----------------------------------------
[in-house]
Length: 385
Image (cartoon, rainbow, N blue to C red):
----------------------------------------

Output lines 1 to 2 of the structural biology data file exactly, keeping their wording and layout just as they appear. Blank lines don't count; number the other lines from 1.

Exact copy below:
[in-house]
Length: 385